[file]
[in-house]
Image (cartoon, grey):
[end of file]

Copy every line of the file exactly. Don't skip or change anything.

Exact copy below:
[in-house]
Image (cartoon, grey):